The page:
1. Objective
Introduction of basic delta modulation and demodulation.
2. General Information
Delta Modulation (DM) is a simplified PCM. In some type of signals, the neighboring
samples are closely correlated with each other. Therefore, once a sample value is known
this enables the determination of the following sample values most probably. Thus,
instead of sending the real value of each sample at each time, differences (variances)
between adjacent samples are sent in DM.
In DM, two-level quantizer and one-bit coding is used. Transmitted code pulses do not
carry the data related to the message signal itself; instead they carry data regarding the
differentials of the message function. The output of a delta modulator is a bit stream of
samples at a relatively high rate, the value of each bit being determined according to
whether the input message sample amplitude has increased or decreased relative to the
previous sample.
The operation of a delta modulator is: i) periodically sample the input message, ii) make a
comparison between the current sample and the preceding one and, iii) give a single bit as
output which indicates the sign of the difference between two samples.
Delta Modulator and Demodulator block diagrams are given in Figure 1:
+ ∆ or
≈ x(t)
Figure 1. Delta Modulator & Demodulator
The system is in the form of a feedback loop. It is a continuous-time to discrete-time
converter. In fact, it is a form of analog to digital converter. After the sampler is clocked,
the resulting signal is the delta modulated signal. The output from the sampler is a bipolar
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signal, in block diagram being either ± ∆ volts. If the output of ‘Summer’ (or comparator)
is positive than the sample value of DM signal is + ∆ , otherwise it is - ∆ . The waveform
of the DM signal is shown in bottom of Figure 2. It is fed back, in a feedback loop, via an
integrator, to a summer. The integrator output is a saw tooth like waveform as shown in
Figure 2.
Figure 2. Integrator output superimposed on the message with the
Delta Modulator signal in the bottom of the figure.
The saw-tooth waveform is subtracted from the message and the difference – called as
error signal – is the signal appearing at the summer output. An amplifier can also be used
in the feedback loop (though not drawn in Figure 1) to control the loop gain and the size
of the ‘teeth’ of the saw-tooth waveform. Signal from the integrator, which is a saw-tooth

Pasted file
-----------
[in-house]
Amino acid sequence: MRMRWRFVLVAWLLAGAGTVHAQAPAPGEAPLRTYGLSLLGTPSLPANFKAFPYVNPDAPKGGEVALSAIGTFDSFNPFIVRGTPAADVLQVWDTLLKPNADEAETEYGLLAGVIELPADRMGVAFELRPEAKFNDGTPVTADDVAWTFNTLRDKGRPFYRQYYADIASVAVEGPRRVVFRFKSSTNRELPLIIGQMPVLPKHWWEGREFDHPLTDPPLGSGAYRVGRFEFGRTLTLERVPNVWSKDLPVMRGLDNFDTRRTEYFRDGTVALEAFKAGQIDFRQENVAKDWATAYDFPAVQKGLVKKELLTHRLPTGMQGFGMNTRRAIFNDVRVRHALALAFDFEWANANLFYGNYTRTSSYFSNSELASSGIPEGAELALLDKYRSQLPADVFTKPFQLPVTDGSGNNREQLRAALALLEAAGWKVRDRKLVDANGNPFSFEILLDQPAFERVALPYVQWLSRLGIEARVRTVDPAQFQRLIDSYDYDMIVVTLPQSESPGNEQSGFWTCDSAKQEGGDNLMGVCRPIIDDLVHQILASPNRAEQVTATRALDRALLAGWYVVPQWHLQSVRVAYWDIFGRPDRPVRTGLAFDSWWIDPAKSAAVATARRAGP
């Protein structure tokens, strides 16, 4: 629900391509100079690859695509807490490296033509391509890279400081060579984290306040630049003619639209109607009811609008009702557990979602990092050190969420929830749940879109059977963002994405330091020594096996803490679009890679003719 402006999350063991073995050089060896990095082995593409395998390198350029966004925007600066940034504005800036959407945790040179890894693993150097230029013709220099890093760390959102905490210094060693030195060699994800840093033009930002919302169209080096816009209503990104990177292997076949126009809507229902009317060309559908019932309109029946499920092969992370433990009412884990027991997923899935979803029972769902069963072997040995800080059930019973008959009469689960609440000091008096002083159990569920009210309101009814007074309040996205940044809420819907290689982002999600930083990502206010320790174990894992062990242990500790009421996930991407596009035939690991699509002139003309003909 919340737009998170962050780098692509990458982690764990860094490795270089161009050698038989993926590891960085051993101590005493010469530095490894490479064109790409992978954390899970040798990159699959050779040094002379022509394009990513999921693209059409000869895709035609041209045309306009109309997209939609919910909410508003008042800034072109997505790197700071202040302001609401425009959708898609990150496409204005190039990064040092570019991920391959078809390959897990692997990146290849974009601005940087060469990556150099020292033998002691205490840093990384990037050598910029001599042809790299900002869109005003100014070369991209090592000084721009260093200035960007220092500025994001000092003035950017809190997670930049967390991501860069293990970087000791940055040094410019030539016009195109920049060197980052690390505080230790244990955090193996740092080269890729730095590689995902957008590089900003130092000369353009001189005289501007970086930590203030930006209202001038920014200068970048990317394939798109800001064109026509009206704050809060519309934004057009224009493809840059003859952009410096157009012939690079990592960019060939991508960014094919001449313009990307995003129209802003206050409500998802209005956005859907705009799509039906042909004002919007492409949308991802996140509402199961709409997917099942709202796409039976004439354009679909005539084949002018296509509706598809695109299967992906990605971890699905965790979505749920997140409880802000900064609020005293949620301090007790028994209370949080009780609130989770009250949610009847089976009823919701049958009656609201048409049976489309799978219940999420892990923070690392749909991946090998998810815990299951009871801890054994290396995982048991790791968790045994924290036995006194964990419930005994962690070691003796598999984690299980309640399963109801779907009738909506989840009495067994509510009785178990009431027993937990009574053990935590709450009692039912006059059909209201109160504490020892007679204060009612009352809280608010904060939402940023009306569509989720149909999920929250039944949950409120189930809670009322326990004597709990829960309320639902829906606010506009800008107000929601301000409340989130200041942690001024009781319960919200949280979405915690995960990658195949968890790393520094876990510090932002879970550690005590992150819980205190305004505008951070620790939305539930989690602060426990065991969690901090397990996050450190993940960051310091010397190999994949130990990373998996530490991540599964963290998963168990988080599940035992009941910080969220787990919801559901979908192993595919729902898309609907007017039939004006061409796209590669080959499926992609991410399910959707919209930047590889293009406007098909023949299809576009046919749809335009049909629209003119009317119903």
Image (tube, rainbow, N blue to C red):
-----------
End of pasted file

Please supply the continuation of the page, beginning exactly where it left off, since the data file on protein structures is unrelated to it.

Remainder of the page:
approximation to the message, is adjusted with the amplifier to match it as closely as
The binary waveform illustrated at the bottom of Figure 2 is the signal transmitted. This is
the delta modulated signal as stated above. The integral of the binary waveform is the
saw-tooth approximation to the message. Low pass filtering of the saw-tooth (from the
demodulator) gives a better approximation process.
The unwanted products of the modulation process, observed at the receiver, are of two
kinds. These are due to ‘slope overload’ and ‘granularity’; those will not be examined in
the content of this experiment.
In order to prevent some inappropriate modulation, the pace ∆ should be selected
according to the following equation.
∆ fs > 2 π fx
; here fs is the sampling frequency, and fx is the greatest frequency
component of the input signal.
3. Experiment Set
PC & LabView Software
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Ph.: +90-216 3271104, 3268449, 3269738 Fax: +90-216 3279631
e-mail: [email protected]
4. Experimental Procedure
Generate a sine-wave signal to be delta modulated by using LabView software
functions so that the display duration T and the duration between each sample dT
can be changed externally by the user.
Design a delta modulator vi-file by considering the Figure-1. During the design
process, choosing array functions of LabView will be useful and efficient. For
instance, integrator function will be performed by using arrays for obtaining the
saw-tooth signal.
Display the original input signal and saw-tooth wave in the same waveform graph
screen. Display the DM signal as a separate waveform.
After low-pass filtering the saw-tooth wave, constitute the recovered (DM
demodulated) sine-wave signal and display it in a third waveform graph screen.
Observe all the resulting waveforms by changing the ∆ pace of delta modulation.
Compare the recovered signals for very small and very big ∆ steps.
Acıbadem, 34722 Kadıköy-İSTANBUL/ TÜRKİYE
Ph.: +90-216 3271104, 3268449, 3269738 Fax: +90-216 3279631
e-mail: [email protected]